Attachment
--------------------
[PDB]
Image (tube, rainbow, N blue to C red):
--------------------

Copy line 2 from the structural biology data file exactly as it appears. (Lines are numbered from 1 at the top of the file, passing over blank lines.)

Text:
Image (tube, rainbow, N blue to C red):